Dehydration is an excellent way to preserve fruits and vegetables over the medium-term. However, it often involves a lot of work, and it can be messy as well. Consequently, many of us tend to prefer canning as a less-labor intensive alternative, and rightly so. However, there is one way to take advantage of this underutilized preservation method: Use frozen vegetables.
There are all kinds of different frozen vegetables in most supermarket freezers, and they often have a greater selection than what we can find in the produce section. Frozen veggies also allow us to buy out of season, and this can help us with our planning. You can also find different package sizes, and it’s pretty easy to order in bulk.
Fresh produce is usually pretty cheap when it’s in season. However, prices skyrocket out of season, and availability also diminishes. As a general rule of thumb, frozen veggies are about the same price as their fresh, in-season counterparts, but prices tend to go down as package sizes go up. Frozen veggies are also often on sale, and this allows us to really take advantage of savings year-round when we shop smart.
Frozen vegetables have a long shelf life, and this means that you can store them until you’re ready to process them later. This frees you from having to do the bulk of preservation during the growing season. Finally, and best of all, frozen vegetables are peeled, cleaned and cut into small pieces. Consequently, 99% of the prep-work has already been done, and this makes processing the vegetables easier than many other products that we want to store over the long-term.
These are just a few examples of the many benefits associated with using frozen vegetables to build up our emergency food supplies. Now, let’s look at how easy it is to dehydrate them.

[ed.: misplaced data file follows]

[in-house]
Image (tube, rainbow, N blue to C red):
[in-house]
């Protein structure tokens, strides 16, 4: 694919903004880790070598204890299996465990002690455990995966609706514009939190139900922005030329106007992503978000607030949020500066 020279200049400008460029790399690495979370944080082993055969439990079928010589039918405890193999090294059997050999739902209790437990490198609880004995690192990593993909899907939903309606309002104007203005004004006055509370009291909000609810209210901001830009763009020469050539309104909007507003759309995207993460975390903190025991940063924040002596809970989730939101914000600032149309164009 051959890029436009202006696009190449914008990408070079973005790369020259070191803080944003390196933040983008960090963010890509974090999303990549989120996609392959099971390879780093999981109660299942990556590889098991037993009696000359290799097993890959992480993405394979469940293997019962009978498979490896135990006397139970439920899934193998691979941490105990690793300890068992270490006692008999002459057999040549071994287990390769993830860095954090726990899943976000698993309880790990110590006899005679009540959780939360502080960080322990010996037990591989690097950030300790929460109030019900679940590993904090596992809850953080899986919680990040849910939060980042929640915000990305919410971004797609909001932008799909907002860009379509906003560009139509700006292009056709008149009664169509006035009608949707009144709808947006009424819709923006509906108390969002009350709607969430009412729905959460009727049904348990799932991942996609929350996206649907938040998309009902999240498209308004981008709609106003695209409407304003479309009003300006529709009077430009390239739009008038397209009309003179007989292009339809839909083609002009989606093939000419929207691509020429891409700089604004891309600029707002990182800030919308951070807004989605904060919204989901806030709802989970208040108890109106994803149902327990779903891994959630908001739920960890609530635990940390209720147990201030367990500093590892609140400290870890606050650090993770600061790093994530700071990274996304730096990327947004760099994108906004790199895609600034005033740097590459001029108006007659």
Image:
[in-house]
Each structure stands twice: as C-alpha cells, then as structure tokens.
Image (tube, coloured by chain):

All you really need to do is set the dehydrator to around 120-125 degrees, place the vegetables on a single layer on the rack, and let them dry out for about 6-8 hours. The amount of time that it will take depends on the conditions in your home as well as the thickness of the vegetables you’re processing. However, you shouldn’t have to wait more than 8-9 hours in most cases.
When finished, all you need to do is place them into Mylar bags and vacuum-seal them up. You can also store them in vacuum-sealed glass jars as well, and a good seal can preserve the finished product for years. If you want to use vacuum-sealed zipper bags, you can generally store the veggies for a couple of months before the air will slowly seep in and begin to make them stale. Some people also grind the finished product and use them as seasonings for foods and soups, and this is a great way to give a variety of meals a nutritional boost as well.
Take a fresh look at the benefits of frozen vegetables, and consider putting them to work for you. You can add a lot of variety to your survival diet, increase access to nutrition and save a lot of space along the way.